A sidereal year is the time the earth takes to be in the same location in relation to a background star twice. In other words, it is the time it takes for a planet to be between the sun and a certain star twice. It is about 20 minutes longer than the mean solar year because of the precession of the equinoxes. It is equal to 365.25636 mean solar days. A sidereal year, unlike a solar year, is not affected by the precession of the equinoxes.
A sidereal month is the time the moon takes to make one trip around the earth in relation to the stars. In other words, it is the time the moon takes to be between the earth and a certain star twice. A sidereal month is equal to about 27.3 days.
A sidereal period is the time a secondary, such as a planet or moon, takes to complete one complete revolution around its primary in relation to the stars. This is different from the sidereal rotation period. The earths sidereal period is the sidereal year. The moons sidereal period is the sidereal month.
Sidereal time is used with the equatorial coordinate system. If a certain hour circle is on the celestial meridian, one sidereal hour later the next hour circle will be on the celestial meridian. The celestial sphere completes one rotation in relation to the earth every sidereal day.
Universal time is the precise measurement of time used as the basis for civil time keeping. It is also usually used for recording the precise time of an astronomical observation. The abbreviation for universal time is UT. Universal time is a precise form of mean solar time, time which is in relation to the mean sun, but is calculated from, and thus related to, local sidereal time at the Greenwich meridian. Universal time is solar time at the Greenwich meridian and thus is sometimes called Greenwich mean time. It should be noted, however, that UT is measured from midnight to midnight, with midnight being hour 0. Prior to 1925, Greenwich mean time began at noon. To eliminate confusion, it is recommended that Universal time be used instead of Greenwich mean time when referring to this system.
Universal time is calculated from precise astronomical observations. The form of universal time calculated directly from astronomical observations is called UT0 and suffers from all of the irregular motions of the earth. UT0 corrected for the Chandler wobble is called UT1. UT1 is used for many celestial navigation applications because it accurately accounts for the long term uniform changes in the earths rotation rate. UT1 corrected for the annual and semiannual changes in the earths rotation rate is known as UT2.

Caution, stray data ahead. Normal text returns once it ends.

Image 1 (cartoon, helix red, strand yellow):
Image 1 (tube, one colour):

Coordinated Universal Time, UTC, is kept by atomic clocks and is more uniform than UT1. UTC is based on International Atomic Time, which defines a second as 9,192,631,770 periods of radiation of the ground state of cesium-133. UTC is used for all civil time keeping. Because it is desirable to keep UTC time close to the actual rotation speed of the earth, it was internationally agreed that UTC would be kept within 0.9 seconds of UT1. Leap seconds are introduced every year or so into UTC to keep it within 0.9 seconds of UT1. These leap seconds are always introduced after the last second of a month, usually June 30 or December 31. A leap second can be either negative or positive but so far only positive leap seconds have been necessary. Most references to time are in relation to UTC.
The difference in UTC and UT1 is that any atomic clock can be made to keep UTC, however, the only clock capable of keeping UT1 is the earth itself.
The National Institute for Standards and Technology (NIST) provides UTC and UT1 time services such as time of day radio broadcasts. For more information, visit their Time and Frequency Division home page at http://www.boulder.nist.gov/timefreq/index.html
The Time Sphere
The current time for every point on earth can be thought of as being carried on a giant sphere around earth which is rotating in a clockwise, or westward, direction on the earths axis. The speed at which this sphere rotates is defined by the method of measuring time you are using. For sidereal time, this sphere moves slightly faster than for solar time. This sphere is illustrated in the following animation. It has twenty-four sections, or hours, each taking up 15 degrees of the sphere. The sphere has an hour circle for noon or midnight (0 hours) which is anchored to the point of reference. For solar time, this point is the sun, for sidereal time, this point is the vernal equinox. Time on earth is measured by how much time has elapsed since the last time the reference point was on the celestial meridian, thus, the time elapsed since the last time the reference point was overhead gets greater in a counterclockwise direction on this sphere. The different lengths of the sidereal and solar days is because of the constant relative motion of the two reference points.
|Figure X: This animation shows how the noon hour (yellow line) rotates around the earth and how it takes the current times around earth with it.|